Transparency News, 6/26/20


June 26, 2020
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state & local news stories
VCOG is saddened to announce that Dick Hammerstrom, an 11-year veteran of VCOG’s Board of Directors and its president for the past 3-½ years, is stepping down from both positions. Read more here.
A federal judge in Virginia awarded $2 million in attorney fees against two Virginia court clerks on Wednesday in a First Amendment action brought by Courthouse News on behalf of the press corps. The fee award came as the result of a verdict in favor of the press after a four-day trial in late January. U.S. Judge Henry Coke Morgan Jr. in the Eastern District of Virginia ruled that the press has the right under the First Amendment to see new case filings on the day they are filed. The defending clerks in Prince William and Norfolk had pushed journalists back behind a series of clerical tasks that included setting up a docket and scanning the filings. Reporters were then directed to computer screens to view new cases a day or two after they crossed the counter.
Courthouse News

The Farmville Town Council may not have been in accordance with state law with regard to its reason for initiating a closed meeting during its June 18 continued council meeting. The fact the open part of the continued council meeting was not live-streamed, like the council’s other meetings have been during the COVID-19 pandemic, has also drawn questions. What follows is a quote, in full, of the exemption the council used to discuss the statue’s removal in a closed meeting: “Discussion or consideration of the acquisition of real property for a public purpose, or of the disposition of publicly held real property, where discussion in an open meeting would adversely affect the bargaining position or negotiating strategy of the public body.” Virginia Coalition for Open Government Executive Director Megan Rhyne said this section of the Code of Virginia is designed to protect the government in a negotiation over the price of buying or selling land. 
The Farmville Herald

Rappahannock County Administrator Garrey Curry resigned Tuesday as the Freedom of Information Act (FOIA) officer for the Planning Commission. The abrupt resignation by the no-nonsense administrator comes on the heels of Planning Commission Chair David Konick and three fellow planners voting to exclude three other commission members from last Wednesday’s meeting. In light of the COVID-19 pandemic emergency, the three excluded members had earlier invoked a section of FOIA that allows members of public bodies to participate in public meetings electronically — in this case, through a Zoom video conference — due to “a temporary or permanent disability or other medical condition that prevents the member's physical attendance.” Konick, however, claimed that two of the excluded members “volunteered” that they weren’t sick, which to his mind and apparently those of the three others in attendance was enough to invoke a policy adopted earlier this year by the planners.
Rappahannock News

A petition to remove Warren County supervisors Tony Carter and Archie Fox from office has been dropped from Warren County Circuit Court. In October, the petition was filed against all supervisors in office at the time – including three former board members Linda Glavis, Dan Murray and Tom Sayre. The petition claimed their lacking oversight of the Front Royal-Warren County Economic Development Authority resulted in alleged embezzlement. At the request of Special Prosecutor Michael Parker, the petition was dropped without prejudice, meaning it can be refiled within six months. County Attorney Jason Ham stated in a letter to the two current and three former supervisors that is an unlikely scenario after discussions with Parker.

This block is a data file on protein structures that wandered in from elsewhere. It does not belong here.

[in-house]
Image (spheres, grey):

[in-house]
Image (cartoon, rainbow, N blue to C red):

The Northern Virginia Daily
stories of national interest
“Why are we releasing this information this way and at this time? Because it is the right thing to do."
A new lawsuit is seeking to lay bare how the White House censored former national security adviser John Bolton’s book and whether the passages officials wanted deleted were true national security secrets or just embarrassing to President Donald Trump. The Freedom of Information act lawsuit filed early Thursday in Washington demands details on the prepublication review process for Bolton’s book, “The Room Where It Happened,” which was formally released for sale Tuesday. The suit follows up on FOIA requests submitted earlier this year by a prominent legal blogger and attorney, Devin Stone. Stone says he’s suspicious that politics infected the review of Bolton’s manuscript.

Now-former Wilmington Police Department officer Kevin Piner, along with two other officers, have been fired from the department after dash-cam footage recorded two phone conversations — accidentally — and a supervisor conducting a routine audit of the videos found the disturbing content. In North Carolina, public records laws typically prevent government agencies from handing out information on personnel; however, in extraordinary circumstances, details can be released to the public. The former officers actively tried to prevent a release of the information, and an attorney filed an apparently unsuccessful motion for a temporary restraining order, but ultimately the city decided it was the right thing to do. “Why are we releasing this information this way and at this time? Because it is the right thing to do. Normally, personnel laws allow only a very small amount of information to be made public. However, in exceptional cases, when it is essential to maintain public confidence in the administration of the City and the Police Department, more information may be released.  This is the most exceptional and difficult case I have encountered in my career. We must establish new reforms for policing here at home and throughout this country,” Williams said.
Port City Daily